Shiro Shimizu’s work possesses a wild audacity, delicateness, refinement, and natural warmth. How and why can those seemingly contradicting qualities live together in a piece, all the while bringing about...
Shiro Shimizu’s work possesses a wild audacity, delicateness, refinement, and natural warmth. How and why can those seemingly contradicting qualities live together in a piece, all the while bringing about such refined elegance?
Part of the answer lies simply in how he prepares his clay and bakes his works, which runs contrary to the practice of most potters. For the past 100 years or so, modern potters have bought various materials from specialized stores, turned the wet clay into pottery on an electric wheel, and baked it in a readymade electric or gas kiln. This method is convenient. All of the fail-safe precautions are built in to the materials just like the auto-correcting camera of the newest iPhone. Anyone with a tiny amount of skill can make reasonable works this way.
Shiro-san refuses it. He searched for his own clay by traveling the various regions of Japan. Sometimes, when he finds a truly good patch, he constructs a kiln right then and there on location to create his works. Otherwise he brings the clay back to his studio in Kyoto, where he works with his grandfather and father at their family’s kilns.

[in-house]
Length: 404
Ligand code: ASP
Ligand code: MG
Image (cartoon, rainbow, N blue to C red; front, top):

Shimizu communicates directly with each clod of earth, and together they collaborate to make potteries. This is not a new wave or movement, at all. Japanese potteries had always been made in this way before the modern era. This is one of the reasons that his work has the quiet vigor of very old pottery, while still possessing an utterly contemporary power and artistic energy.
This work is, well, what is this? It is simply a rectangle of clay with lines that run like rows of tilled earth down its longest side. It represents Shimizu’s own conversation with the clod of earth in his hands. How to introduce it into the living space depends on your own conversation with the work. Put it on your shelf as an object d’art, place a few olives between the rows, or rotate it to use as a great pedestal for other artworks. Like the best pieces, it does not confine anything; it only offers new possibilities.